these then are used to determine whether hand-over should occur

• The following lists of cells are maintained

– Active set – those cells which currently communicate with the UE

– Neighbourhood/monitored set – the list of cells continuously monitored by


the UE but whose Ec/Io is not strong enough to be added to the Active set

– IS-95 also maintains a Candidate Set but this is not used in WCDMA
Hard Handover
• In FDMA and TDMA systems handover occurs when signal strength
of a neighbouring BS exceeds the signal strength of the serving BS by
a given threshold (typically 2-4dB). This is a “break before make”
approach also called “Hard Handover”
• Not suitable for CDMA systems as F reuse = 1 and this type of handoff
will cause too much interference – i.e. near-far effect causes problems.
Hence the UE starts talking to the neighbouring BS at the same time as
it is talking to its serving BS. This is a “make-before-break” approach,
known as “Soft Handover”
• Hard Handover is used for CDMA systems when handing between
channels (Licence A has 14.8MHz, nearly 3 channels), inter-system (to
non-CDMA systems) is obviously also HHO
Soft Handover
Mobile is located in overlapping coverage
areas of two or three cells (served by
separate Node Bs) communicates with
more than one sector of the same cell:
• Multiple separate (i.e. using different
cell scrambling codes) communications
• These are combined in the mobile on the
downlink
• These are combined in the RNC on the
uplink
– to ensure best possible frame reliability
– to alleviate outer loop power control
issues
Soft handover Functions
• Three main functions are required to perform SHO
– Radio link addition
– Radio link deletion
– Radio link replacement (combined addition and deletion)

• These functions are used to add, delete or delete_and_add to the active


set (each has a specified hysteresis event condition that must be met)

• These are placed in the SHO algorithm


– UMTS algorithm differs slightly from the IS-95 algorithm (i.e. candidate
set maintenance)
WCDMA soft handover algorithm
PilotEcIo

ActiveSetFull?

PilotEcIo > BestPilotEcIo – (ReportingRange + HysteresisEventA)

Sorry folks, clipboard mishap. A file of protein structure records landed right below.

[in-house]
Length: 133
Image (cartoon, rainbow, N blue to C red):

No

AddCellToActiveSet

PilotEcIo < BestPilotEcIo – (ReportingRange – HysteresisEventB)


No

RemoveCellFromActiveList

BestCandidatePilotEcIo > (WorstOldPilotEcIo + HysteresisEventC)


Yes

Replace WeakestInActiveSet with BestCandidatePilot


Ec/Io
WCDMA hand-over
CPICH 1

Reporting range –
HysteresisEvent1A Reporting range +
HysteresisEvent1B

HysteresisEvent1C
CPICH 2

CPICH 3

a 1 a 1,2 a 2,3 a 2
n 2,3 n 3 n 1 n 1,3

Assume that triggering time is instantaneous, and that maximum active set size is 2
Execution of SHO
• The new Node B needs to know the following RNC information
– which service is being used
– what connection parameters are being used
– UE ID and up-link scrambling code
– relative timing information of the new cell with respect to existing UE
connections

• The UE needs to know via existing connections


– the channelisation codes used for transmission
– relative timing information
Timing in SHO
Serving Node B CPICH Target Node B CPICH

Timing
difference
measurement

DCH timing
adjustment
Softer Handover

Mobile is located in overlapping coverage areas of two


sectors of the same cell. Mobile communicates with
both sectors:
• Multiple separate (i.e. using different cell
scrambling codes) communications
• These are combined in the mobile on the downlink
• These are combined in the node B on the uplink
Otherwise all is similar to soft handover
Power control during handover
Both Node Bs
detect downlink
power control
command
Risk of power drift,
controlled via RNC

Uplink
power-control
reliability check

Downlink combining reduces the required


transmit power, thus reducing interference.
The downlink performance is also improved
in most environments
UMTS from the beginning
• UMTS in Vodafone radio history • UMTS design engineering
• UMTS basics – Radio link budgets
– CDMA – Ec/Io, PILOT pollution, Eb/No
– Power control, and noise-rise
– Handover • UMTS cellular engineering
– Power control
• UMTS architecture and interfaces
– RAKE receiver
• UMTS channel structure – Hard, soft, softer handover
– Control, logical and physical
channels • UMTS performance engineering
– Channel mapping – BER, FER
– Downlink and uplink frame • UMTS traffic engineering
structure – Noise rise and F-factor
• UMTS spread spectrum processes – Pole capacity